While history is highly complex, the reality remains that the US would not have become the great – again in the sense of big, not in the sense of good – power that it did had it respected the land rights of Native Americans or the human rights of slaves. The forceful expropriation of the Cherokees, Sioux, Choctaw, Apache APA +4.76%, etc Amerindians “opened up” the land for the cultivation of commodities – notably cotton on which the fortunes of American and by extension Western capitalism were founded – in plantations profitably exploited through the enslavement of imported black African labor.
In his outstanding book on the abolitionist movement (Bury the Chains, 2005) author Adam Hochschild describes how the great difficulties initially of the abolitionists was to persuade people – including the Church of England which owned lucrative sugar plantations in the Caribbean – that slavery was evil. It was so “normal”, so much part of the global landscape. Hochschild estimates that at the beginning of the 19th century some 20% of humanity were enslaved in one form or another.
Slavery, land expropriation, torture, mercantilism and war were the foundation stones upon which Western capitalism and hence Western power and prosperity were built. Although smug Westerners like to believe that ingenuity and the spirit of scientific enquiry provided the momentum, in fact a good deal of alleged “Western” innovations were the result of “importing” technologies especially from India and China in what today would be called flagrant violation of intellectual property rights.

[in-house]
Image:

In his commanding and highly impressive opus on the history of cotton (Empire of Cotton: A New History of Global Capitalism, 2014) author Sven Beckert demonstrates how British advantage in the manufacture of textiles and cotton in particular, which provided the foundations for the Industrial Revolution, was in good part derived from stealing Indian technology in the 17th and 18th centuries. (There was no intellectual property right legislation, let alone organization, at the time!)